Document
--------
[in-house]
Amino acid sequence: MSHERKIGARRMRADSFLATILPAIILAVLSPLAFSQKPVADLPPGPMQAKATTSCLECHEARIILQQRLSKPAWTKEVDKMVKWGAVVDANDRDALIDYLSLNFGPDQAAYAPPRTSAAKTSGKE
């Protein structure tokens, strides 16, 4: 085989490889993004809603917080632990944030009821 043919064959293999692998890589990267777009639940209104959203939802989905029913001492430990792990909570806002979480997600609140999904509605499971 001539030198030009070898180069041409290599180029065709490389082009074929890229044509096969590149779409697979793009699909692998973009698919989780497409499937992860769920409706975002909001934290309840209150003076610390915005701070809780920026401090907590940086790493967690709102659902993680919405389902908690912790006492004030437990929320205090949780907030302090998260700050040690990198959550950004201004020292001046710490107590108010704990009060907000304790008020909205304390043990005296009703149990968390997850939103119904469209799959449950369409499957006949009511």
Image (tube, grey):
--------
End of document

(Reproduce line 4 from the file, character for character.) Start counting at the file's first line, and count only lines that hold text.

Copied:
Image (tube, grey):